Salesforce 1 – new revolutionary approach or just another buzzword?
Many people ask me what’s Salesforce 1? Is that a new approach, new mobile app – replacing both Salesforce Touch and Mobile Chatter ? I wasn’t unfortunately at Dreamforce and could not find an easy response to that question until I’ve found a great analysis and discussion initiated by cloud analyst Esteban Kolsky. Read his explanation and understand that it’s not just a new mobile app.
It’s a new approach with focus on the power of the platform! Imagine writing your applications once and running them on all devices with any interface. Imagine integrating with any other enterprise apps in days instead of months. That’s in my opinion the best gift that CIOs and developers could get for incomming Christmas.
- Any client, anywhere can access any service offered by the platform. This means that once you authenticate with a platform, anything else you want to access that is trusted to that platform is also accessible (PaaS to PaaS integration is far safer and scalable than point-to-point integration or security as done today by monolithic solutions)
- Any interface (mobile, computer, watch, a “thing” in the internet of things) can access the functions and data (once properly secured and authenticated) and display it – you cannot have an “internet of things” or even an “internet of customers” without an ecosystem of trusted platforms (well, not a sustainable one at least). This will lead to the rise of “atomized apps” (usually called apps). These apps are found in mobile devices and are single-function solutions that require no further logic (think about it this way, if your job involves checking people’s credit scores before approving an application for a loan – wouldn’t you prefer to have a simple app that does just that? If your smartphone or table can do it, why not your organization? It now can)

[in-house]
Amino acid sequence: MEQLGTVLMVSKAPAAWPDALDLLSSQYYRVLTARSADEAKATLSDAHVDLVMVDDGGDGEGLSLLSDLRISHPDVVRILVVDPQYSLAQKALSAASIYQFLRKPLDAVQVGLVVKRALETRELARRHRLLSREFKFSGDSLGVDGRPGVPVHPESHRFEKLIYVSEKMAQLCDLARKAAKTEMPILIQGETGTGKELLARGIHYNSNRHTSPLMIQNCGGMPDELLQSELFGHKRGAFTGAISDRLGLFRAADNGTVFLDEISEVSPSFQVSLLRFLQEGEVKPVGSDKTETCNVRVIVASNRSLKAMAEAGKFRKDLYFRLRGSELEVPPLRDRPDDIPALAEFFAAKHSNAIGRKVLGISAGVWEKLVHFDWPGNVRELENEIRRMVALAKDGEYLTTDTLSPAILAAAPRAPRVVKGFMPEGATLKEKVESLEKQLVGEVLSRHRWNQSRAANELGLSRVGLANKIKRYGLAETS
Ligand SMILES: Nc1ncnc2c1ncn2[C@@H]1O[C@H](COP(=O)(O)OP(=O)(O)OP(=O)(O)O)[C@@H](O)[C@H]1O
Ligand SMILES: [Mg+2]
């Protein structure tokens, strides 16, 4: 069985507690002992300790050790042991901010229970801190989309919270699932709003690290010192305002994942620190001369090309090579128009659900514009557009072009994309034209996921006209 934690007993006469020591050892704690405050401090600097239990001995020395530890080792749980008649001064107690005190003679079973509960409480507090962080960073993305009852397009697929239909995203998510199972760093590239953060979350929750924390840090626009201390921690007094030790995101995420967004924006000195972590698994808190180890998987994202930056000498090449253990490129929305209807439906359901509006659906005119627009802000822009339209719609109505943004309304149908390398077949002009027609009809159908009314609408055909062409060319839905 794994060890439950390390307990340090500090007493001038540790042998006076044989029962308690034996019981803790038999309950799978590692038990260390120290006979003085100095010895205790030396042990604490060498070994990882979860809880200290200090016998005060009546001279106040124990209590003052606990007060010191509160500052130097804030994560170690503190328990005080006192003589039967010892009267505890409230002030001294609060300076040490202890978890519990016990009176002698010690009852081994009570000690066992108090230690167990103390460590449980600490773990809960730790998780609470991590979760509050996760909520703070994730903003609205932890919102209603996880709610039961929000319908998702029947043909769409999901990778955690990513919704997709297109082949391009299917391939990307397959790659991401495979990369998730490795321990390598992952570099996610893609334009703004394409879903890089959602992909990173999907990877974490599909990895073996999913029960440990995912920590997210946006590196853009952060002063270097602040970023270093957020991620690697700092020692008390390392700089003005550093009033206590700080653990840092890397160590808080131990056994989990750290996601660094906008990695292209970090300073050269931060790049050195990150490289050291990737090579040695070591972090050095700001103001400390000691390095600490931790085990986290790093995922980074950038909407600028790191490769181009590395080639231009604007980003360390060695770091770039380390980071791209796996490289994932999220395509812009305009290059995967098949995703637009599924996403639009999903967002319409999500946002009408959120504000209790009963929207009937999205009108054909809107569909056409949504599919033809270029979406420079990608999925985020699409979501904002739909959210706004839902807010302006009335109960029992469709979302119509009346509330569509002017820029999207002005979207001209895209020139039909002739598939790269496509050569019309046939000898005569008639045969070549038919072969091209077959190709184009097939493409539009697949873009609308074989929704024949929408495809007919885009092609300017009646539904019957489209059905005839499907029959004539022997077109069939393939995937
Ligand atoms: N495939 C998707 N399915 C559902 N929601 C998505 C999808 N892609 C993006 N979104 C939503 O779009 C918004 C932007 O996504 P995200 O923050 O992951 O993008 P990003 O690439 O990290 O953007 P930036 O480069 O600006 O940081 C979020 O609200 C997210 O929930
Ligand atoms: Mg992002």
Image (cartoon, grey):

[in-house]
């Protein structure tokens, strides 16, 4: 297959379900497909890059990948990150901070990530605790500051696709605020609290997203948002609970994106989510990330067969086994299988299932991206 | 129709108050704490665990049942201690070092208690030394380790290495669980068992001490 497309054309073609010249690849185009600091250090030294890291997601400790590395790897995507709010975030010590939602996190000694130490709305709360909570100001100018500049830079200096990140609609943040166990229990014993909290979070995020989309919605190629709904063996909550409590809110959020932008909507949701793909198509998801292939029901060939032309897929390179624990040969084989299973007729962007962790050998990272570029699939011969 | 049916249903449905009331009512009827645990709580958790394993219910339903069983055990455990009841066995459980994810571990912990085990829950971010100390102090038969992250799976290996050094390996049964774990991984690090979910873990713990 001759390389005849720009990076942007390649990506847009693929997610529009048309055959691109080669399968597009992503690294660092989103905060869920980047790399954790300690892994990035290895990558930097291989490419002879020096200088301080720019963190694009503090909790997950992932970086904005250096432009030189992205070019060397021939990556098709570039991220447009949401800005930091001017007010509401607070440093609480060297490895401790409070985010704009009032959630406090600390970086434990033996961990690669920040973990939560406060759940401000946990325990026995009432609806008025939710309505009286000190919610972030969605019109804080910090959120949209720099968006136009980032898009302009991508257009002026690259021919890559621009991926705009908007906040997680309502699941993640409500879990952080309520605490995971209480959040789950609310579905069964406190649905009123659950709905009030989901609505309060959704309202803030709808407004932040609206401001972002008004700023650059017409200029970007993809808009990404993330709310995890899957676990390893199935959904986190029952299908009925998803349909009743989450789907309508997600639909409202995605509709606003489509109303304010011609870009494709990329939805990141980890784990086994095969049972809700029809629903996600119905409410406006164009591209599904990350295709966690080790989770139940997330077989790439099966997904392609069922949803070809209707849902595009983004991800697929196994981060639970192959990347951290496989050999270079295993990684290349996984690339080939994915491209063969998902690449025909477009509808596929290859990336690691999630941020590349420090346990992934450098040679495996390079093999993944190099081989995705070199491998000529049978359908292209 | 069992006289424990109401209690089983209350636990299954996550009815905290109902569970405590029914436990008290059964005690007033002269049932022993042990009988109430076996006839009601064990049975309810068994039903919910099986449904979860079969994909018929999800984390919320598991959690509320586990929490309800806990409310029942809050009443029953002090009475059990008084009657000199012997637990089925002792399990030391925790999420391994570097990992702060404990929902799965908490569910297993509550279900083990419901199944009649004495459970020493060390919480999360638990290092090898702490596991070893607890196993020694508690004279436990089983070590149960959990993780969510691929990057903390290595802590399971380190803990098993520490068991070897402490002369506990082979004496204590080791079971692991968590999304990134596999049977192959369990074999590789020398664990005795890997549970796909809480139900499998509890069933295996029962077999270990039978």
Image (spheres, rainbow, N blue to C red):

- The concept of multi-tenancy finally disappears (yay – I cannot tell you how happy I am) together with the concept of multi-instances. We move to elastic single-instances with single-tenancy: each customer can have their own service (managed via systems management and metadata quite easily) and instantiate is as many times they need – and make any changes they want in the process. No longer are customers constrained (either in data model or functionality) to what’s offered as they can extend the functionality quite easily by making another service call (to any providers) without having to worry about changing the core service. (note: vendors will try to tell you how expensive this is as compared to multi-tenancy, but ask you yourself how “cheap” it was to use multi-tenancy and what benefits you as the customer derived from that – or read my previously linked post for that answer).
- SFDC can create more modular “API calls”. They introduced this at the same time as S1 but they failed to mention why this was possible: any API is a library of many calls to different parts of the monolithic application to leverage their functions and data. API calls require complex transacting for security, scalability, and even integration that can reduce the granularity (read complexity or simplicity – either work – if you prefer) of how you can interact with it. By using services that leverage tokenized security and inheritances (core benefits of cloud computing) the calls can be far simpler, and far many more, while performing at the same or better level. Completing more service calls will use fewer resources and time that doing the same via API calls. Bottom line: you can use more granular functions with far less resources.
- Incorporating Enterprise Application Stores (EAS) into Salesforce cloud computing deployment will allow any organization to create as many atomized apps as they would like to, thus reducing the complexity of the solutions used by the customers, the training and support costs, and enabling and empowering their customers to build and use their own “custom” version of the Enterprise Software they have running. The device and operating system they run is irrelevant as long they are supported in the EAS (SFDC announced, very quietly, the first version of their EAS at DreamForce).